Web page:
Rocket Report: Spaceship Stacked; Georgia closes the door on Spaceport Camden

On Wednesday, SpaceX fully stacked the Starship's Super Heavy booster and upper stage for the megarocket's next test flight from South Texas.
Enlarge / On Wednesday, SpaceX fully stacked the Starship’s Super Heavy booster and upper stage for the megarocket’s next test flight from South Texas.

Welcome to edition 6.44 of the Rocket Report! Kathy Lueders, general manager of SpaceX’s Starbase launch facility, says the company expects to receive an FAA launch license for the next Starship test flight shortly after Memorial Day. It appears this rocket could fly in late May or early June, about two and a half months after the previous Starship test flight. This is an improvement over the previous seven-month and four-month intervals between Starship flights.

As always, we welcome reader submissions, and if you don’t want to miss an issue, you can subscribe using the box below (the form will not appear on AMP-compatible versions of the site). Each report contains information on small, medium and heavy rockets, as well as a brief preview of the next three launches on the calendar.

Blue Origin launch this weekend on tap. Blue Origin plans to launch its first human spaceflight mission in nearly two years on Sunday. This flight will launch six passengers on a flight to suborbital space more than 60 miles above West Texas. Blue Origin, Jeff Bezos’ space company, has not flown people to space since a New Shepard rocket failed during an unmanned research flight in September 2022. The company successfully launched New Shepard on another unmanned suborbital mission in December.

Historic flight … This will be the 25th flight of Blue Origin’s New Shepard rocket and the seventh human spaceflight mission on New Shepard. Before Blue Origin’s 2022 rocket failure, the company averaged a flight frequency of about one launch every two months. The number of flights has decreased since then. Sunday’s flight is significant not only because it marks the resumption of Blue Origin’s suborbital human spaceflight launches, but also because its six-person crew includes an aviation pioneer. Ed Dwight, 90, almost became the first black astronaut in 1963. A retired Air Force captain, Dwight flew military fighter jets and graduated as a test pilot, following a familiar career path like many of the early astronauts. He was on a shortlist of astronaut candidates that the Air Force provided to NASA, but the space agency did not include him. Dwight becomes the oldest person to ever fly in space.

Spaceport Camden officially no longer exists. With the stroke of a pen, Georgia Governor Brian Kemp signed a bill dissolving the Camden County Spaceport Authority, Action News Jax reported. This news follows a March 2022 referendum in which more than 70 percent of voters rejected a plan to purchase land for the spaceport on the Georgia coastline between Savannah and Jacksonville, Florida. County officials were still trying to move forward with the spaceport initiative after the failed referendum, but Georgia’s Supreme Court ruled in February that the county must adhere to voters’ wishes.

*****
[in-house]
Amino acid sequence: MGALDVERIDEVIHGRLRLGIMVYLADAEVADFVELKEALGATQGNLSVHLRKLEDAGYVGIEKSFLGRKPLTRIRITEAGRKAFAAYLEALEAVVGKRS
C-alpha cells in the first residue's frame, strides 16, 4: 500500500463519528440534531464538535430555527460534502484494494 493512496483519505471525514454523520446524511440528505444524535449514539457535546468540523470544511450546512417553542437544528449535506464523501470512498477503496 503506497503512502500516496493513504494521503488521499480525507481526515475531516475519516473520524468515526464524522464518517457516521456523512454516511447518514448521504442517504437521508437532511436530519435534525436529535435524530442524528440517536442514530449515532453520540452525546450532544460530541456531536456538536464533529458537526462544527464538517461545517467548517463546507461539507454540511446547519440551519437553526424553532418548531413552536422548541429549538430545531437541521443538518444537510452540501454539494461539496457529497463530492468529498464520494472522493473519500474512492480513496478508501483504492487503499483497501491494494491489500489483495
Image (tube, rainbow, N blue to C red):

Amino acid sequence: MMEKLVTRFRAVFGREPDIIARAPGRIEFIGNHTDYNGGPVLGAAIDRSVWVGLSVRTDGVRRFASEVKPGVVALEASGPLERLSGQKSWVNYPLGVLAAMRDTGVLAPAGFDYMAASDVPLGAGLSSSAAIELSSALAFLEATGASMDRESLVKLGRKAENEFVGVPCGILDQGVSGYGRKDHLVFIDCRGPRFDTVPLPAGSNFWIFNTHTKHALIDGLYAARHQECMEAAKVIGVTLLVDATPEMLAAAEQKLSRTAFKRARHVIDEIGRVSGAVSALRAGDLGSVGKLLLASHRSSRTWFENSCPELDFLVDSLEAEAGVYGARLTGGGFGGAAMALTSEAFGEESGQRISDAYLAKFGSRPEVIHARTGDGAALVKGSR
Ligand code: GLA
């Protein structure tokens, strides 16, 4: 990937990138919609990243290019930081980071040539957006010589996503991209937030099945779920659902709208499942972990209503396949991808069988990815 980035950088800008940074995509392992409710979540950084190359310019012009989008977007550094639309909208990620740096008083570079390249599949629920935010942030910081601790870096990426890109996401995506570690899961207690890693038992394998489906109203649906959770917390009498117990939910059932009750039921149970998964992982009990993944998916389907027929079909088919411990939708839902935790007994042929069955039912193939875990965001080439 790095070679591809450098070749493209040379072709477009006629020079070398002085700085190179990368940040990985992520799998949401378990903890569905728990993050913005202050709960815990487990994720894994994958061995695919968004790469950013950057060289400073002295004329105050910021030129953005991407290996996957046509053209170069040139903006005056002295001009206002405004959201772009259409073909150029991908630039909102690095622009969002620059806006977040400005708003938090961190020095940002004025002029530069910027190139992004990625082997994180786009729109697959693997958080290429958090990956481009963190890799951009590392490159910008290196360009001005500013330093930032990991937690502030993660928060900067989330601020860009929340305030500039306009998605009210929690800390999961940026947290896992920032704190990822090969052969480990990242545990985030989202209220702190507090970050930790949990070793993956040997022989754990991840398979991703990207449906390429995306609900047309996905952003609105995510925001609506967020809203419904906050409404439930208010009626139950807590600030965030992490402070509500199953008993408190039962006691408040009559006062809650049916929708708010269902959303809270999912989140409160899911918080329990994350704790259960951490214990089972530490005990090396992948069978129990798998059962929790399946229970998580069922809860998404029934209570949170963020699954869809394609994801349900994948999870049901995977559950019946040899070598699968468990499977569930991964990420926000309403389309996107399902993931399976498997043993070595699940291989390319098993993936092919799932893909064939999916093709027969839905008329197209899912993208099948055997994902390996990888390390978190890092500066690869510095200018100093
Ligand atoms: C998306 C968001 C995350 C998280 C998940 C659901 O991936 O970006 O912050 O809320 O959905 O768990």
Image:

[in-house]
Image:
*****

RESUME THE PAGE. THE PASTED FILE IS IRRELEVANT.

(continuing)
$12 million for what?…The government of Camden County, with a population of about 55,000 people, spent $12 million over the course of a decade on the Spaceport Camden concept. The Spaceport Authority’s goal was to attract small launch companies to the region, but no major launches have ever taken place from Camden County. State Rep. Steven Sainz, who sponsored the bill to abolish the Spaceport Authority, said in a statement that the legislation “reflects community choice and opens a path for future collaboration on economic initiatives that better meet local needs.” (submitted by zapman987)

The easiest way to keep up with Eric Berger’s space reporting is to sign up for his newsletter. We collect his stories in your inbox.

Polaris Spaceplanes is moving on to bigger things. German startup Polaris Spaceplanes says it is moving forward with building its MIRA II and MIRA III spaceplane prototypes after MIRA, a small-scale test vehicle, was damaged earlier this year, European Spaceflight reports. The MIRA demonstration vehicle made an emergency landing during a test flight in February. The incident occurred during takeoff at an airport in Germany before the vehicle could ignite its linear spacecraft engine in flight. The remote-controlled MIRA prototype was approximately 4.25 meters long. Polaris announced on April 30 that MIRA will not be repaired and will instead continue building a few larger vehicles.

Almost 16 months without a launch … The MIRA II and MIRA III vehicles will be 16 feet long and will be powered by Polaris’ AS-1 aircraft engines, along with jet engines to power the craft before and after in-flight tests with the rocket engine. Aerospike engines are rocket engines designed to operate efficiently at all altitudes. The MIRA test vehicles are the precursors to AURORA, a multi-role spaceplane and hypersonic transporter that can deliver up to 1,000 kilograms of payload to low Earth orbit, according to Polaris. (submitted by Jay500001 and Tfargo04)

Leave a Reply

Your email address will not be published. Required fields are marked *